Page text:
Justice Judith Ann Lanzinger
Ohio Northern University Claude W. Pettit College of Law Commencement
May 17, 2009

President Baker, Dean Crago, Honorees, Faculty, Graduates and Friends:

I’m delighted to be with you all to celebrate the graduation of students obtaining a Juris Doctor degree today. The Claude W. Pettit College of Law is a remarkable law school,  a founding  member of the Ohio League of Law Schools and the second oldest of the nine law schools in Ohio. Next year this institution will celebrate 125 years –a remarkable  accomplishment.  It’s an honor and privilege to be here.

Each time I’m asked to speak at a commencement, I think back to mine, over 30 years ago. Being the very first in my family to attend college and then become a teacher, it was amazing to all of us that I would also earn a law degree.  Little did I imagine the path my legal career would take: first, work as an in-house lawyer at a corporation, next, association with a private law firm, then election to every level of the state judiciary—municipal, common pleas, court of appeals and finally the Supreme Court of Ohio.  I’ll tell you a secret:  even now there are mornings that I pinch myself while driving into work to make sure that I’m not dreaming.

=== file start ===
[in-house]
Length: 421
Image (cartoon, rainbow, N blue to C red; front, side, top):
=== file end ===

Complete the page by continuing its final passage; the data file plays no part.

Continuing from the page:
So, believe me, I understand how today marks an exciting moment for you. We all congratulate you on your accomplishment. These days, no one takes completing a legal program at an ABA law school for granted.  The Juris Doctor degree may open doors, but we know that the bar exam looms as the final hurdle for those of you intending to practice law. Everyone who is here with you this afternoon also hopes to survive your last ordeal, the excruciating wait, and then we all hope, the positive results.  Because they intend to bear these future burdens with you, they now deserve to share with you this breathing space of celebration.  Do celebrate.